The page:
Attention and Executive Function Impairment in Children with Beta-Thalassaemia Major

Uni Gamayani, Popon Gartika, Luh Putu Meidha, Aih Cahyani, Siti Aminah Siti Aminah, Ramdan Panigoro

Abstract


Beta-thalassaemia major (b-th) is a chronic genetically haematological disorder due to defects in the synthesis of globin chains of haemoglobins [1]. Indonesia is among a group of countries with high prevalence of thalassaemia [2]. The most common treatment modality are transfusion, splenectomy, and iron chelation. Combination blood transfusion and iron chelation make significantly extend life expectancy but patients still suffer from many complications including neurological complications such as cognitive impairment [3]. Thalassaemia results in chronic hypoxic state due to chronic anaemia [4], iron overload due to chronic blood transfusions [5], and hypercoagulalibity which leads to susceptibilty to vasoocclusion [6].

The aim of this study was to determine the characteristics of cognitive deficits such as attention and executive function in children with beta thalassaemia major. This study was an observational descriptive study, with cross-sectional study design, conducted in the outpatient clinic of the Pediatric Thalassaemia Unit of Hasan Sadikin Hospital, Bandung, Indonesia during August 2016 to January 2017. One hundred children with beta thalassaemia major age 8-14 years old participated in this study. All subjects performed vigilance, verbal fluency and block design test. The mean age of subject was 10.94 ± 1.72 years, predominantly male (52.0%). The mean frequency of transfusions per month was 1.30 ± 0.52 times. The mean haemoglobin level was 6.36 ± 0.80 g/dL, and the mean ferritin levels was 4164.42 ± 2238.60 µg/L. Most of subject using deferiprone for iron chelation (78.0%). Attention impairment was found in 26% of children and executive function impairment was presented in 23% of children. Both impaired attention and executive function were found in 21% of children, the mean age of this group was 9.63 ±1.29 years, the mean haemoglobin level was 6.40 ± 0.8 g/dL and the mean ferritin level was 3654 ± 1526 µg/L. The frequency of transfusion per month was 1.42 ± 0.74 times, and time from the first diagnosis was 9.87 ± 1.3 years.

Our study shows that almost quarter children with beta thalassaemia major suffer from impaired cognitive function, 26%,23% and 21% for attention, executive function, and both attention and executive function respectively. Several studies show that cognitive function is significantly lower in patients with beta thalassaemia. Raafat et al studied children with beta thalassaemia using Wechsler Intelligence Scale for Children–Third Edition (Arabic version), showed that mean Full-Scale IQ and Performance IQ of patients were significantly lower than those of controls.[7] Monastero et al assessed cognitive function in 46 beta thalassaemia major patients and 46 controls and showed a significantly impaired cognitive function using all neuropsychological batteries [8].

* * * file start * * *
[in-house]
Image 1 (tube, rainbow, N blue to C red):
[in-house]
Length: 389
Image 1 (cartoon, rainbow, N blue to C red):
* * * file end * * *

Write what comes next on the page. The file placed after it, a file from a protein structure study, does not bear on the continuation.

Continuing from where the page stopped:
Nemtsas mentioned that chronic hypoxia and iron overload contribute to neurological manifestation of beta thalassaemia.[3] Children with beta thalassaemia live with chronic anaemia condition which leads to chronic hypoxic state. Study from Ai et al stated that children who had low haemoglobin levels had significantly lower scores in Performance IQ, and group of children with high iron but low haemoglobin levels performed the worst score. [9] The mechanism of attention and executive impairment in beta thalassaemia children was never studied before but it was thought to be the results of chronic hypoxia [4], iron overload [5], and hypercoagulable state [6]. This study found that the haemoglobin level was low and ferritin level was high. Impairment of attention and executive function are important concern, because they comprise the ability of cognitive function.

According to this study, monitoring of cognitive function should be applied as early as possible to detect any kind of cognitive abnormalities in  children with beta thalassaemia major so that the intervention can be done as quickly and accurately to improve their quality of life.

The limitation of this study is that we are not analysed others cognitive ability and external factors that may influence the whole of cognitive function.

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References


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Journal of Biomedical and Clinical Sciences (JBCS) publishes original research articles, short review, short communication, case reports, quiz and letter to editor that covering the areas of fundamental aspects of biomedical and clinical sciences, from pre-clinical towards translational research and their applications in medicine, dentistry and healthcare management. JBCS aims to provide a platform for basic science and clinical researchers to communicate and share their research findings to the advancement of technologies in biomedical and clinical sciences by providing maximum access to scholarly communication.

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